In my post yesterday, I threw out a word that I realized might have basically no meaning without context. This word was moe (萌え).
Moe is when you feel a strong feeling of affection or attraction toward a character in a piece of media. Usually there is a cuteness or kawaii (かわいい) factor. It’s very emotion-driven term. The word comes from moeru (萌える), which means to “blossom”. There’s a pun involved, though, because the word moe (燃え) means “burning”. If you didn’t notice, these words were written differently in Japanese.
Moe is something that actually gets the anime community a bit worked up. Some people argue that it’s ruining the genre. Others are obsessed with their animated waifus and husbandos. It’s a… complicated thing, to be honest.
Part of the issue is that moe is generally manufactured to explicitly appeal to men. The term started off as just a general affection that cannot be suppressed by otaku, but now tends to mean a very specific type of female character. She’s hyper cute, possibly clumsy, constantly flustered, and innately innocent.
Moe characters can be highly problematic. Some of them are obviously sexualized, which is disturbing when another key element is that they are childlike in most depictions. Moe can also be highly confusing to people outside of the community. For example, there’s a series of manga, anime, video games, and light novels about personified game consoles battling for dominance. It’s called Hyperdimension Neptunia (超次元ゲイム ネプテューヌ). Trying to explain, in depth, what these games are is a daunting task. And if I’m honest, these games are about building up the moe in the fanbase until they reach a fever pitch. It’s how they’ve managed to make sixteen games based off the premise. Fans get figures and body pillows of these characters.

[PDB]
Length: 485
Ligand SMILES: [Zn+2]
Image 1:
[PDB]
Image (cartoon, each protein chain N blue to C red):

If one’s moe for a character reaches a fever pitch, a fan might consider her his “waifu”. I want to make something super clear, by the way, because this is not a solely Japanese phenomenon. This is unified across many, many otaku from all nations. The idea of a waifu (or a husbando) is that she is who the living human being considers to be their actual significant other. Otaku build shrines to their waifu. They buy them birthday cakes.
Sometimes, they marry them. Kondo Akihiko married Hatsune Miku in 2018. Hatsune Miku is a virtual reality singer designed by Crypton Future for their Vocaloid software. Kondo has a Gatebox, which creates a hologram and AI of Hatsune Miku and their own character, Azuma Hikari. Miku-chan and Hikari-chan are polygamous: Gatebox reports that they have issued 3,700 wedding certificates to owners of their product.
Moe as a concept for which it is difficult for me to come to a definite conclusion. I consider myself a lover of kawaii, or cute, culture. There are characters who are made to appeal to moe fans who I like. A lot of the anime which cashes in on moe depicts a solely female cast, with female friendship at the core. K-On! (a definitively moe title) is a tale of a group of girls learning to play instruments. Three of the songs from K-On! are on my favorites playlist. But sometimes, like when I tried playing Hyperdimension Neptunia: Producing Perfection years ago, I get the distinct impression that this thing about girls is not necessarily for girls (mostly when I was tasked with giving one of these girls a bath and I quickly turned off the game). And I get uncomfortable with the idea of someone sexualizing these characters, or deciding that they have more value than real women.
I would like to point out a series which has moe characters which I believe has a lot of value. Puella Magi Madoka Magica is a deconstruction of moe and magical girl tropes. It actually gets quite dark and the cuteness comes with a terrible price. I’ll talk about the series later down the road.
Next up, though, is The Ancient Magus’ Bride.
One response to “Moe: A Quick Primer”
[…] purchasing, if you are looking to move away from the pure moe that is popular among certain titles, I’d suggest looking for women who are mangaka. The […]